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Leonard Kibrick

Leonard Kibrick (September 6, 1924 Minneapolis-January 4, 1993 Rancho Mirage) was an American actor and child actor.

Kibrick began his acting career in the 1930s as a child actor, appearing in over 50 films throughout his career. He was best known for his role as "Richie" in the Our Gang (Little Rascals) comedy film series. As he grew older, he transitioned into supporting roles and character acting, working on both stage and screen. In addition to his work in film, he also appeared on numerous TV shows, including The Twilight Zone, Perry Mason, and The Donna Reed Show. Kibrick eventually retired from acting in the 1970s and became a successful businessman. Despite his retirement from the entertainment industry, he remained an active member of the Screen Actors Guild and served on its board of directors.

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George Savalas

George Savalas (December 5, 1924 The Bronx-October 2, 1985 Westwood) otherwise known as George Demosthenes, George Demosthenes Savalas, Demosthenes, Demosthenes Savalas or Georgie was an American sailor and actor. He had six children, Nicholas George Savalas, Leonidas George Savalas, Constantine George Savalas, Gregory George Savalas, Matthew George Savalas and Militza Savalas.

George Savalas was the younger brother of famous actor Telly Savalas. He served in the United States Navy during World War II before launching his career in acting. He appeared in numerous movies and TV shows, including "The Dirty Dozen," "The New Centurions," "Kojak," and "The Equalizer." Savalas was also a talented singer and released several albums throughout his career. In addition to his acting work, he also owned and operated The Players Club, a popular restaurant and private club in New York City. Savalas passed away at the age of 60 due to leukemia.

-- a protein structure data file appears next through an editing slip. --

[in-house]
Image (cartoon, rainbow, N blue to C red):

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Glenn Davis

Glenn Davis (December 26, 1924 Claremont-March 9, 2005 La Quinta) also known as Mr. Outside, Mr. Inside or Glenn Woodward Davis was an American football player and actor. His child is called Ralph Davis.

Glenn Davis was a prominent football player who rose to fame during his college years at West Point Academy, where he played halfback for the Army Black Knights football team from 1943 to 1946. Davis was widely regarded as one of the most versatile and dynamic players in the sport, earning several accolades including the prestigious Heisman Trophy in 1946.

After college, Davis played professionally for the Los Angeles Rams from 1950 to 1951, during which he helped lead the team to a league championship in 1951. Following his retirement from football, Davis pursued a career in acting, appearing in several films and television shows throughout the 1950s and 60s.

Beyond his athletic and entertainment achievements, Davis was also a decorated veteran of World War II, having served as a paratrooper in the 82nd Airborne Division. He was inducted into the College Football Hall of Fame in 1961, and his legacy continues to inspire generations of football players and fans alike.

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Gene Deitch